Volunteer Vacations - Haiti

ItalicStory by Andrea Whitaker - airline employee
Photo courtesy of Scott Davis

If you're interested in any way, in helping the homeless, street children of Haiti, you may want to read Andrea Whitaker's moving account of her journey to Haiti as a volunteer, before and after the recent destructive Haitian earthquake.

I met Andrea several years ago while we both participated as volunteers in a mission that delivered aid to orphanages in Cambodia. Since then, Andrea has continued with her volunteer efforts to help around the world, most recently, with a charitable organization she has recently formed to help the children of Haiti - www.HaitianDreams.org

Please read on and see what Andrea has to say about Haiti. Also, visit her website for more information on how you too can help. Click here.

November 11, 2009

Departure on a Scouting Mission to BoldPort au Prince -

The idea of a "scouting mission" to Haiti developed after seeing an article in the St. Petersburg Times about the wonderful work of Aaron Jackson's organization "Planting Peace".

Aaron and his Haitian connections currently manage 4 orphanages and a school in Port au Prince. Their organization has been nationally recognized for their "Stomp The Worm" project, an effort to de-worm the entire country of Haiti. We met Aaron for dinner a week before our "mission" and were impressed by his quiet, humble, and well-researched approach.

Aaron has also attracted the attention of CNN (a 2007 CNN Hero), The Discovery Channel, and Hollywood (Rainn Wilson of "The Office"). He was our inspiration for this great adventure. As we emerged through customs into the "unknown Haiti" (currently on the US State Department list of places to avoid!), "Jackson-The-Porter" greeted us with a huge smile and a handshake with his one arm.

He safely escorted us to our van and driver (plus one bodyguard), provided by the guest house we had randomly chosen from the Lonely Planet guidebook. St. Joseph's Home for Boys Guest House: "You've never stayed anywhere like this before, a guesthouse also operating as a highly regarded home for ex-street boys, and a fantastic Haitian experience." We soon realized that the guidebook description was a huge understatement...it was an oasis in the midst of chaos!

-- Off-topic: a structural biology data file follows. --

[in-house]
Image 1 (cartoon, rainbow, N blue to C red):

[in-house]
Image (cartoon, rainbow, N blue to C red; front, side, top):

Our first day in Haiti was spent with John Dieubon, the "Planting Peace" co-founder with Aaron Jackson and a local Haitian man who does the hard work on the front lines in Port au Prince. John gave us a tour of the 4 orphanages he manages, as well as the "Ayiti Papillon Academy", the local school they've recently started.

Each of the orphanages is home to only 7 or 8 children, in an attempt to keep them small and "family-like". Home #2 also serves as "De-Worming Central", where large shipments of de-worming medication are distributed to various aid organizations, who then hand it out to the Haitian people along with valuable health information (communicated in the local French Creole language).

John's projects are funded partially by Planting Peace, but also sponsored by churches, synagogues, and various other donors. He is committed to helping these children and is especially committed to Home #4, the home for orphans with AIDS. John also shared with us his dreams of future expansion: a self-contained "community" where they could grow their own food, and an internet-based project (Haitian investment consulting company) to give the kids training for "real life" outside the walls of the orphanage.

After the eye-opening day with John, we returned to our guest house and de-briefed over a cold Prestige beer on our rooftop lanai. We gazed out at the sweeping views of mountains and sea, soaking in the natural beauty of the island mixed with the extreme poverty, and our Plan "A" quickly morphed into Plan "B" as we realized how little we really knew about the needs of the Haitian people.

The following days were spent becoming fully embraced by our guest house, The St. Joseph's Family, headed by Michael Geilenfeld. Michael is a former Brother in Mother Teresa's order and has worked with abandoned children in Vietnam, Cambodia, Calcutta, and El Salvador. In 1985 he left the church to follow his dreams of helping street children in Haiti.

The original "St. Joseph's Home For Boys" has now evolved into "The St. Joseph's Family" consisting of "St. Joseph's Home for Boys" in Port au Prince (and our guest house), "Wings of Hope" located in Fermathe just outside of Port au Prince, and "Trinity House" for street boys in Jacmel, located about 3 hours south of Port au Prince on the coast.